Since the last post, ‘Visting Seoul’ , I had not been able to update new recipes for more than three weeks, sadly. But happy things to me are, I still see bloggers and visitors dropping by, or leaving me a comment, or subscribing to my RSS feed or stretching their patience for my slow response. Thank you for being with me, I was doing my domain registration transfer and there was a delay, a simple issue yet had kept me distracted. The problem is now behind me. Feeling like putting off a fire, I am glad to share my pictures and recipes here again than merely working on those back end stuff.
Let me first show you a pack of dried squid and a box of Korean chili paste, which are among the small gifts, most of which are edibles, I brought back for myself from my last visit to Seoul, also the main ingredients for preparing this dish. With some grated fresh garlic, I have them stir-fried into an appetizer, a spicy small eat.
This is an appetizing dish, but may I suggest that it is better not to be taken in great amount in one meal. The cooked dried squid will call for strong teeth to chew and require our stomachs to work hard. Take a small amount and eat slowly shall appeal to your appetite while not overworking your digesting system. Enjoy.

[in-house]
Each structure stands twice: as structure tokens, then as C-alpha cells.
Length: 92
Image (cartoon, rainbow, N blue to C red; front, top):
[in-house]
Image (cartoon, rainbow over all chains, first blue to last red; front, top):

- 2 dried squids, ~200g
- 4 tsp Korean chili paste
- 2 tsp grated garlic
- 1/2 tsp salt
- some white sesame, optional
- 2 tsp soy sauce
- 1 tsp sugar
- 1 tsp salt
- 1 tbsp white wine
- 2 tbsp water
Rinse the dried squids and soak them in 8 cups of cold water for 3 to 4 hours (or until they become soft).
Tear off their skins, rinse off any remaining dirts. Pat dry, have them cut into about 1cm thick strips (they will shrink after cooked) and marinated by 1/2 tea spoon of salt.
Heat a pan with about one table spoon of oil over medium heat. As the oil gets heated, sauté the grated garlic until fragrant. Toss in squid slices and constantly stir them for about 3 minutes. Mix seasonings (except salt) and pour in, stir until done and sauce is thickened. Add salt to taste. Dish up, sprinkle white sesame for added flavor.
Serve hot or cold, I enjoy both.
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